Teens Love The Modern World, While Thirtysomethings Are Getting More And More Sad About It

The same things people love about the social media age when they’re young may be increasing a later-life malaise.

Teens Love The Modern World, While Thirtysomethings Are Getting More And More Sad About It
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It’s not a great time to be a mid-career adult. While youngsters are thriving in the modern world and happier than ever before, people in their thirties are hitting a wall. This is the fault both of the Internet and of our own unrealistic expectations.


A new study out of San Diego University looks at the difference in happiness levels in the U.S. between 1972 and 2014, broken down by age, and based on a metric called subjective well-being.

Subjective well-being–which is simply how you perceive your own happiness–can be affected by income, lifestyle, and leisure as well as social support and relationships (to name only a few examples). The factors vary depending on age, with the surprise that older people live more for the moment, whereas the young plan for the future:

The causes of SWB may also differ from one age group to another. Young people take more risks and seek novelty and information that will benefit them in the future. In contrast, older people, whose time horizon is relatively more limited, are more likely to cultivate current relationships that are fulfilling in the present.

And this, says the study, is at the root of the malaise felt by today’s over-30 crowd. The Internet provides exactly what young people like: endless novelty, perceived risk, and information. It also allows for a strong culture of individuality, while still maintaining a feeling of belonging–social networks, for instance, let us feel connected while we enjoy the selfish benefits of being alone.

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When we grow out of this stage, the same structures seem hollow. We crave meaningful relationships with real people, we seek stability in our material lives. “Adolescence and young adulthood are self-focused life stages, but mature adulthood often involves the maintenance of committed relationships and a setting aside of individual needs,” write the paper’s authors Jean Twenge, Ryne Sherman, and Sonja Lyubomirsky. “With higher individualism, young people have more to enjoy, while mature adults may not get the social support they need.”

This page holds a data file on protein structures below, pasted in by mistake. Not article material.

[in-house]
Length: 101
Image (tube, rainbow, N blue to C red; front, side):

The availability of information, and the setup of the mindset of the U.S., which teaches us we can achieve anything, as long as we want it hard enough, also leads to disappointment. Compared to middle-aged adults in the 1970s, today’s adults may be disillusioned by their failure to achieve such heights, whereas teens, with their eyes still on the future, are happy at the endless opportunities laying ahead.

The survey data that the new study is based on comes from the General Social Survey, which collects social and demographic information broken down by age, race, sex, and so on. It asks questions about the responders satisfaction level with a variety of aspects of their life, from things like their job and the way they spend their leisure time to “the safety of things you own from being stolen or destroyed in your neighborhood, on your job, and in your school,” and “the way our national government is operating.” Thus, the increase in information about the world, plus the scare tactics employed by TV news channels, could be big factors in the country-wide mid-life crisis.


The numbers in the paper show small only differences, and as the authors themselves note, their conclusions are speculative. But the one thing that’s certain is that the overall trend of the happiness figures is a slow, relentless drop for adults, and a comparatively steeper increase for teens.

So is there anything that us grown-ups can take away from this that will cheer us up? Sure, just think about this: The happier a teenager becomes today, the bigger their disappointment will be tomorrow. See if that doesn’t brighten your day.

Related Video: Can You Really Design Happiness?

About the author

Previously found writing at, Cult of Mac and Straight No filter.